The injection of Indian DNA into Australia around 2000 BC shows that people living on India’s eastern seaboard were capable of sailing long distances even before the Iron Age. Archaeologists have found remains of a possible river port at a place called Golbai Sasan in Odisha that dates back to 2300 BC. However, there is a distinct boom in coastal trade from around 800 BC. At the heart of this maritime boom was Kalinga (roughly modern Odisha) and the adjoining areas of West Bengal.
The remains of many ancient ports have been found all along the coast between the western-most mouth of the Ganga and Chilika lake. The river connected the sea ports to the kingdoms of the interior while the lake, which has an outlet to the sea, acted as a safe harbour. You will find bits of ancient pottery strewn everywhere if you walk along the banks of Chilika lake.
The Bengali-Odiya mariners were not capable of sailing directly across the Indian Ocean at this early stage. Instead, they would have hugged the shore and traded their way down the Andhra and Tamil coast. At some stage they seem to have sailed across to Sri Lanka and begun to settle there.
Genetic studies have confirmed that the island was already inhabited by the ancestors of the Vedda, a small tribe that has long been suspected of being the original inhabitants. They are probably descendants of people who had migrated here before the Great Flood separated them from the mainland. The new migrants from eastern India, however, would soon become the dominant population – the Sinhalese.
The Mahavamsa, an epic written in Pali, tells the founding myth of how the Sinhalese came to Sri Lanka. It is said that at the beginning of the sixth century BC, the king of Vanga (i.e., Bengal) had a beautiful daughter who was kidnapped by a powerful lion. He kept the princess prisoner in a cave and had a son and daughter by her. The son, Sinhabahu, grew up to be a strong lad. One day, when the lion was away, he broke open the cave-prison and escaped with his mother and sister. The lion followed in hot pursuit. Eventually, after several adventures, Sinhabahu faced his father and killed him.
Sinhabahu then established a kingdom and built a capital city Sinhapura which means Lion City (notice that this is derived from the same etymological roots as Singapore). Many years passed and Sinhabahu had a son called Vijaya who turned out to be a violent lout and a disgrace to the family. My guess is that he inherited that from the paternal grandfather. After hearing repeated complaints from his subjects, King Sinhabahu eventually decided to banish Vijaya and 700 of his supporters.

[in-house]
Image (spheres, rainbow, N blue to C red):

So, Vijaya sailed south and landed in Sri Lanka. There he faced some resistance from the locals, presumably the Vedda, led by a woman called Kuveni. However, Vijaya prevailed and established his kingdom. The Mahavamsa tells us that King Vijaya now gave up his earlier erratic behaviour and ruled responsibly for thirty-eight years. He also married a Tamil princess from the Pandya clan.
The legend of Prince Vijaya should not be taken literally; I have always harboured some doubts about the bit related to the lion kidnapping the princess. Nevertheless, the epic makes it clear that the Sinhalese retained a memory of their Bengali-Odiya origins when the Mahavamsa was composed and compiled almost a thousand years later.
The Sinhalese link to eastern India matches genetic, linguistic and cultural evidence and survives in many little ways. For example, the lion is an important symbol of the Sinhalese people; they are literally the Lion People. One finds this echoed in Odisha which remains a major centre for the worship of Narasimha (the god Vishnu as half-lion and half-man).
The town of Puri is famous for the temple of Jagannath, another form of Vishnu, but also has a very ancient temple to Narasimha and there are several rituals where the latter is given precedence to this day. Similarly, in Bengal, the goddess Durga is almost always depicted as riding a lion. In other words, the lion on the Sri Lanka flag and Durga’s lion share the same cultural origins.
The clinching evidence on the origins of the Sinhalese, however, comes from another custom. Robert Knox, an Englishman who spent many years in Sri Lanka in the seventeenth century, made the following observation: “In their infancy they have names whereby one may be called and distinguished from the other; but, when they come to years, it is an affront and shame to them, either men or women, to be called by those names.” Bengali and Odiya readers will know exactly what this means.
Excerpted with permission from The Ocean Of Churn: How The Indian Ocean Shaped Human History, Sanjeev Sanyal, Penguin Viking.